• I (Top Crystal) Negligible colour toning. You can see that the diamond is not white.
  • J-K (Crystal) Colour toning
  • K-L (Top Cape) Slightly yellowish
  • M-N (Cape) Yellowish/brownish/greyish

This is why most diamonds are not white

This is why most diamonds are not white

The yellowish/greyish/brownish colour found in most diamonds results from nitrogen getting into the carbon. White diamonds are very rare. Diamonds are also available in other colours, such as green, red, blue or pink. This is where other substances have sneaked their way into the carbon structure. These other colours are extremely uncommon and, very often, can be more expensive than completely white diamonds.

Colourful diamonds

It is important to know that most colourful diamonds on the market do not owe their colour to nature but rather have been coloured artificially. If you are looking for those black diamonds that are so popular nowadays, bear in mind that most of them have been coloured. Naturally black diamonds are expensive, and in general you can add an extra zero to the price of an artificially coloured diamond if you want a naturally black one.

There is a lot of difference in price between two jumps on the colour scale, particularly if the diamond is 1 carat or more.

Some people regard clarity as more important than the carat value, while others set greater store by an eye-catching size, and prefer a, somewhat yellowish diamond with many inclusions, as long as it is big.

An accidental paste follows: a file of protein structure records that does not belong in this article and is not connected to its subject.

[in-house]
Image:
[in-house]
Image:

Sometimes you hear the words River, Top Wesselton, Wesselton, etc., to denote the colours of diamonds. The letters are more precise, so always ask for the letter. In fact, do not just ask for the letter – ask to see the certificate! If you are looking at slightly larger diamonds, i.e. closer to one carat or more, there is a big difference in price between D and E, let alone D and G! Of course, you can also see a clear difference in colour between G and D.

Sometimes, a small diamond can appear whiter than a larger one, even though they are of the same colour.

Clarity – the purity of the diamond

The diamond should not only be as white as possible but as clean as possible. The fewer inclusions in the diamond, the more valuable it becomes. After all, it is the sparkle from the diamond that we want to enjoy, and if there are too many inclusions in the diamond they break the path of the light, causing the diamond to sparkle less. Under the right conditions, diamonds are the gemstones that sparkle most.

Gemmologists determine the clarity of the diamond

The expert gemmologists who assess the clarity of diamonds use a magnifying glass (loupe) that magnifies ten times. Sometimes, a diamond is described as being “loupe clean”, i.e. no inclusions are visible at ten times magnification. Gemmologists also assess diamonds using a microscope.

Each diamond is unique

Millions of years ago, when the diamond was being created by the intense pressure and heat of the Earth’s interior, traces of microscopic particles were left. Other minerals, too, may be present, or some “fault” may have developed in the structure of the diamond itself. Sometimes, there are even cracks within the diamond. These are, quite simply, geological relics. It means that it is not possible to find two identical diamonds.